Editorial | The possibilities of Mia Mottley
Mia Mottley, who has become Barbados' first female prime minister after her party's landslide win in Thursday's general election, has, on the domestic front, a difficult job ahead of her: that of fixing the economy. That will require courage and skill. She is up to it.
On the regional front, her victory is likely to be good for the Caribbean. For, unless she has changed, Ms Mottley believes in the ideals of the regional integration movement - that the product of the combined whole is greater than the value of the individual bits. In that regard, the Caribbean Community may have found a new champion to help breathe life into the stagnating movement.
Among Ms Mottley's great assets is that she is extremely bright, with the uncommon ability to carry, at once, the strands of many complex ideas, then pull them seamlessly together into a clear and compelling narrative. Anyone who has watched or listened to her display this feat in the delivery of major speeches, without written text and few, if any, notes, can't but marvel at her skill and intellect.
Moreover, Ms Mottley is an experienced politician who has been in Barbados' legislature for 27 years, 24 of them as a member of the Lower House. She has also held several ministerial positions, including that of deputy prime minister to Owen Arthur in the Barbados Labour Party administration up to 2008. Yet, at 52, she is young enough to have the energy for tasks she will confront and be close enough to the issues that animate Barbadian youth, who have disproportionately felt the burden of the country's economic problems and are most likely to be impatient for a turnaround.
Like most Caribbean economies, Barbados was badly stung by the Great Recession and financial meltdown of 2008 and has been slower than most to recover. Largely, unlike the early 1990s when Erskine Sandiford's government dived into a tough and painful recovery of a limping economy, the defeated Democratic Labour Party government has moved gingerly in its approach to the present crisis.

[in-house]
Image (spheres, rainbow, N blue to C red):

Freundel Stuart's administration has undertaken some reform and fiscal consolidation programmes but recovery, despite the flutter of 2016, remains sluggish. The economy is expected to grow by around a half a per cent this year after expanding by 0.9 per cent in 2016.
The current account deficit, having declined in recent years, hovers at around three per cent of GDP, maintaining pressure on foreign reserves, which amount to less than two months of imports. The government deficit is projected at three per cent of GDP; the government debt, broadly defined, though falling, stands at nearly 129 per cent of annual output. One in 10 Barbadians who are actively seeking a job is unemployed.
The International Monetary Fund had told the Stuart government that it should accelerate fiscal consolidation, including cutting spending on public-sector employment, while broadening its tax base and improving collection. The government should be more aggressive in divesting state-owned enterprises.
Ms Mottley will no doubt hear the same message from the Fund. It won't be easy to navigate the many competing interests that will be affected by any action taken. Indeed, the scale of her victory - all 30 seats in Parliament - will add to these pressures. At the same time, the electoral margin, if wisely used, provides insulation.
At least, in the short and medium terms, Ms Mottley has political capital to spend on her economic programme. At the same time, if she is so minded, she can assume the fresh and intellectual leadership of CARICOM, which the institution can so badly use.